Playing with Scale: CHUNKS, meet BLOCS



This the beauty of chunks is they can = 5 hp in one session and 10 in another. It’s all very flexible. @Lon by adding Blocks…expands the concept.

You can go, hearts, chunks, blocks, modules, systems…with the DeathStar being a system. Or shrink it all down, to a modern battle tank being a system. And each layer is x2 of the previous. All depending on the scales you are trying to interplay.

In essence I totally agree with @Lon it needs expansion, my only point of contention is completely vs granularity. And then simplify what you have and add a layer of gameifying it without making it silly, like a lone pilot having to make a one in a million shot when all that is needed is a large ship to go into hyperspace through the deathstar in order to destroy it…sorry went off topic.


I don’t disagree that setting can make a big difference.

For me and the reason I didn’t use the Death Star as an example is that it’s essentially an invulnerable thing with a single specific weakness.


We are in total agreement. We are arguing semantics really. You are scaling it from the PC heart system, I’m looking at it from the center of gravity point of view and trying to keep the mechanics as stream lined as possible.

Your OP is in essence allowing for different games Or levels to interplay. I’m going for the scale playing in the same game.

Also as I get less personal to the characters it becomes a strategy/war/influence game and not about the individuals.

But, you are totally spot on and this is an aspect that should be explored and expounded on. How do I scale a Voltron game?

Lions = chunks
Voltron = blocks.

In this case, chunks equal 10 hearts but Blocks is only 5 chunks.


That hilarious, I was thinking of and was going to provide a specific voltron reference but didn’t and went with the spaceships


Yep yep.

That’s why I feel HF’s call to do 5 and 10 point chunks was so inspired…

Effectively, you have this as a framework:

1-9 Effort

-Simple effort tasks. Easy and quick.

  • Weak sauce mooks that have to mob up to be a Heart.

10 Effort (1 Heart)

-average tasks that are either difficult or time consuming, but rarely both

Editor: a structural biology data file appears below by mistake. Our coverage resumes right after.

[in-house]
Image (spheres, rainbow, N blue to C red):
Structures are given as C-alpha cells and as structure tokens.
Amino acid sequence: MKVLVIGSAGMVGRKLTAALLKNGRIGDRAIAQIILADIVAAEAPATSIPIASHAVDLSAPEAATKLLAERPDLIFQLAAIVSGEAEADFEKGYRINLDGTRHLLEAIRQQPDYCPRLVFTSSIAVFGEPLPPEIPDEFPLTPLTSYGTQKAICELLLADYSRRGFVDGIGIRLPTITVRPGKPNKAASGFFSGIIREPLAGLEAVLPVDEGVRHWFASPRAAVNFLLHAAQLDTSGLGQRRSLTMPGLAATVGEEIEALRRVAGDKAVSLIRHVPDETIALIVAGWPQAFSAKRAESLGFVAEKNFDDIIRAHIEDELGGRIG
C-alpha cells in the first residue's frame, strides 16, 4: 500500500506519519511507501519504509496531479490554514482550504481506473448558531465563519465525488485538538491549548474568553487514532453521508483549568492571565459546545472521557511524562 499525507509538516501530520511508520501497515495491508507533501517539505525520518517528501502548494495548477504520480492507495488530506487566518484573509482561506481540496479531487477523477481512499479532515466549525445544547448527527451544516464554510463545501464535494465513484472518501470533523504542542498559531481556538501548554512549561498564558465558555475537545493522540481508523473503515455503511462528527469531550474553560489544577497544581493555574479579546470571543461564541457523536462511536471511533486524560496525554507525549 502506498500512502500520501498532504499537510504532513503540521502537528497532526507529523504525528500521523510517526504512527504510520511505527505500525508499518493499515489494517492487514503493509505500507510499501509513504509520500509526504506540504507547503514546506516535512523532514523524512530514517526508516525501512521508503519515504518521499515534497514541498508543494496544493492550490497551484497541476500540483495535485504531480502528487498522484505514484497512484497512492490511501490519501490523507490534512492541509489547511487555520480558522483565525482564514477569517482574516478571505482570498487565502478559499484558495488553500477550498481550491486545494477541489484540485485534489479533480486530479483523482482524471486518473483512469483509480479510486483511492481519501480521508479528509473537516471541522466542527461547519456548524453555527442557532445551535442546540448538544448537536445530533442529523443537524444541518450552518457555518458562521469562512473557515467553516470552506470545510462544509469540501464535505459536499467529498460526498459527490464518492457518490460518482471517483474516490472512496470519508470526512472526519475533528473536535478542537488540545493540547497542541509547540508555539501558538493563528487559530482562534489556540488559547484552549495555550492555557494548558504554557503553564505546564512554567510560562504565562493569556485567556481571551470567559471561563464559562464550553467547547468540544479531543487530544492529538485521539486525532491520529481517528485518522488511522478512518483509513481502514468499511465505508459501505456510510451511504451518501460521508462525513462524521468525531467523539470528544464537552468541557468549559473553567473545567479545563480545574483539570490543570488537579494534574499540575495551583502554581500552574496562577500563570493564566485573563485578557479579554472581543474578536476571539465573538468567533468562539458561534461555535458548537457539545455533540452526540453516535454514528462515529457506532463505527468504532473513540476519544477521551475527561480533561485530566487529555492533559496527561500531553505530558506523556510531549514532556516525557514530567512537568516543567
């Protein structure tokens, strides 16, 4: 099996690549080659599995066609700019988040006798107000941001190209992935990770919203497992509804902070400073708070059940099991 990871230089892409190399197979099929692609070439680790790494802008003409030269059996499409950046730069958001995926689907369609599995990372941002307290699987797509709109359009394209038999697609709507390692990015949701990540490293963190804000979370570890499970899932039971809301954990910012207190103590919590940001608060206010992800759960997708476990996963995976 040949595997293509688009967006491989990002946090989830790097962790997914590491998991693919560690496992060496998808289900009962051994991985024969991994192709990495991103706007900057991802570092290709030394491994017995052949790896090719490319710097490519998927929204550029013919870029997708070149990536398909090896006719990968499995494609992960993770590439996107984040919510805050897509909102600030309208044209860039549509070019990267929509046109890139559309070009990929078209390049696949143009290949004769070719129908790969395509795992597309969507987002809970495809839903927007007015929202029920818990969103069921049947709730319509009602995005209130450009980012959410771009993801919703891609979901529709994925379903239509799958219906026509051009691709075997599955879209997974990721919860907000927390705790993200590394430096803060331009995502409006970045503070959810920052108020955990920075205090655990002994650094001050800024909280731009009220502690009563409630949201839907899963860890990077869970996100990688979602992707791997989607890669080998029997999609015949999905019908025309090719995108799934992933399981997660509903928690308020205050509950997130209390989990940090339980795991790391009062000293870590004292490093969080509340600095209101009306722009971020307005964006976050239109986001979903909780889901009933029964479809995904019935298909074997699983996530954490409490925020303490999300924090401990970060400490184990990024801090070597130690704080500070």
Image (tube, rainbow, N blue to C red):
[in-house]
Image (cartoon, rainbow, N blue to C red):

-Normal 1 Heart PCs and Foes

-a weak human who can’t operate independent of their battle suit (ie a single 5HP Chunk) can make a weak human into an average Human

-similarly, there’s times I would consider a well armored or especially powerful Mook Mob to be a 5 point Chunk as well

20 Effort

-an especially tough, moderately time consuming task for a single average human

-Two average Humans or Foes

-A single 2 Heart Heart Human or Monster

-An average 1 heart Human and the untrained rabble he’s whipped into a 1 heart mob

-an average human who can keep fighting even if Battlesuit gets trashed

30 Effort

-A Very difficult, very time consuming problem to solve or chest to open for the average human

-3 average humans

-2 average humans and a Mob, or 2 Mobs and an average Human

-a badass 2 heart Human in a Battle suit they can keep fighting after it’s trashed

-an average Human manning a single 10 point Chunk Souped-up Car

50 Effort

-Extremely difficult, time consuming challenge, or series of pretty tough challenges

-(Here’s where I start adding in:) single 5 point Bloc, like in the examples in very top post

100 Effort

-one average dude just ain’t gonna solve this problem, unless mayyyyybe if they have Days to Years to work on it. Or if they figure out the secret weakness. Or assemble the right tools and allies (and plenty of ‘em!). But even then… probably gonna be tough.

-10 Battle Robots (5 point chunks)

-… insert various other mixes here…

-1 10 point Bloc

150+ Effort

Bigger and bigger honkin problems! We’re talking Mythic “Labors of Hercules” level here!

Incidentally, this talk isolating to just the Effort needed to overcome a problem highlights how elegant the balance is with which Effort dice you get to roll. And even more crucial: the same amount of effort distributed across more foes means they get actions against PCs. Ditto if you give a single foe more than one action, it really matters as to how dangerous an encounter can be regardless of number of HP! And don’t get me started on the Timer/Effort relationship! Man this game is so frickin deep and cool!


It occurs to me, looking at that list, that a mathy person could probably figure out the “click” economy conversion factor of actions to Effort…

Interesting problem.


I don’t understand what you mean by click economy. I haven’t heard the term before


@Abodi Oh, sorry! It’s from Collectible and Living Card Games.